November 2009 Archives

Is this a scam - how would I know?

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Today I visited the Washington Post website for my daily "Security Fix" from Bernie Krebs. Today it was "Eight tips for Safe Online Shopping" . Then my eye was caught by an an ad "Unemployed Mom makes £47 an hour (Online)". So I clicked, after all it was the Washington Post, surely it can be trusted, and came up with this .   

Why can't victims and witnesses go on the DNA database?

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I read the Guardian article "Police routinely arresting people to get DNA" after it was drawn to my attention by FIPR and came to the opposite conclusion. The "real" issue is that Parliament has not debated the issue and no-one has consulted the public. I am one of those who would like my DNA on file in case I my identity credentials are lost, stolen or otherwise compromised as a result of poor information governance. But I have no more choice than the members of the posses haunting the unpoliced high streets which I go on-line to avoid.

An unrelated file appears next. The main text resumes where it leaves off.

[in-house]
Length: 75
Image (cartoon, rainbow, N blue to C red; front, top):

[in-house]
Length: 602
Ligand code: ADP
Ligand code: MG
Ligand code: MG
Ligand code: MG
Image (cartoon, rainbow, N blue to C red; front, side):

Do you trust China to run the Internet any better than the USA?

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Do read the news cover on the recent Internet Governance Forum. For example "China says scrap Internet Governance Forum" versus "US stil has Internet in its grip" and "Business leaders warn agains demise of Internet Governance Forum". The US grip over the current english language Internet is slipping, albeit more slowly than some might think. But do you want China to similarly dominate the visual, multi-lingual Internet of the future? 

The McWilliam rules for Internet Security